Amazon Alexa now allowing opt-out of people ‘reviewing’ your recordings

With regulators starting to breath down the necks of tech companies, they have started to adjust their practices in order to appease the masses and new regulations targeting data privacy policy. First Apple and Google, now Amazon will allow customers of Amazon Alexa enabled devices to opt out of voice recordings, to an extent.

According to the Seattle based giant, Amazon Alexa will still need to record voices in order to learn and become better at understanding its customers. However, there will no longer be a human on the other end reviewing your conversations with the AI to confirm that Alexa did what was expected of it.

Read: Facebook renaming Instagram and WhatsApp for ‘transparency’

You will be able to go into the Amazon Alexa app and navigate to your settings, then “Alexa Privacy” and finally “Manage How Your Data Improves Alexa.” There you will find new policy toggle that you can turn off stating that “your voice recordings may be used to develop new features and manually reviewed to help improve our services.”

An Amazon Echo Spot smart speaker photographed on a kitchen counter, taken on January 9, 2019. (Photo by Olly Curtis/Future Publishing via Getty Images)

According to an Amazon spokesperson, “we take customer privacy seriously and continuously review our practices and procedures. For Alexa, we already offer customers the ability to opt-out of having their voice recordings used to help develop new Alexa features. The voice recordings from customers who use this opt-out are also excluded from our supervised learning workflows that involve manual review of an extremely small sample of Alexa requests. We’ll also be updating information we provide to customers to make our practices more clear.”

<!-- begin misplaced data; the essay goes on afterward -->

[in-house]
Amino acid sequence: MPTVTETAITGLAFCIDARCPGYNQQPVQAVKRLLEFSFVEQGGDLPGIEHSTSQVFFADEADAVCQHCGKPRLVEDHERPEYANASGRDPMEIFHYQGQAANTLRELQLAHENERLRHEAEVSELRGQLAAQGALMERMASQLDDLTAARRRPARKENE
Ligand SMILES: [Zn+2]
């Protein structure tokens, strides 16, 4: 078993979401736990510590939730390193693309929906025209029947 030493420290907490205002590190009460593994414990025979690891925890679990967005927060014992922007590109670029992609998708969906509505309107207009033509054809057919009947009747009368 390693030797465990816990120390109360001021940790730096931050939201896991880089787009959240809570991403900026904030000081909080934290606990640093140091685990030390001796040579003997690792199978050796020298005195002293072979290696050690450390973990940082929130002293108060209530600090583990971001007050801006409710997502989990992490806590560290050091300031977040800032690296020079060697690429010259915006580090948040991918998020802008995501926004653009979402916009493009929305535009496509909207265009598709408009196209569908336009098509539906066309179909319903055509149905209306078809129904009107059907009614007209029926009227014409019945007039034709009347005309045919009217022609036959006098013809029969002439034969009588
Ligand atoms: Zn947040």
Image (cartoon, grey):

Read: Google paid people $5 to scan their faces

It was previously reported by other publications that you could switch recording off altogether, but the above statement clarifies, as previously mentioned, that it is only switching off manual reviewing of these recordings.

Most of this new pressure on tech companies comes from the EU, with US regulators lagging behind. It will be interesting to see how the business models of these companies are similar and different where the legislation is different around the world.

Do you own a digital assistant that records your conversations? Is this an area of concern for you? Let us know in the comments below.